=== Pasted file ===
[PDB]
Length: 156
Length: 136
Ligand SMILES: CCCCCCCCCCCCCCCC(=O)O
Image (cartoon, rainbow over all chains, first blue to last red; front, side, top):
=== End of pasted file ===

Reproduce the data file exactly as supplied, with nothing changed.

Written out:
[PDB]
Length: 156
Length: 136
Ligand SMILES: CCCCCCCCCCCCCCCC(=O)O
Image (cartoon, rainbow over all chains, first blue to last red; front, side, top):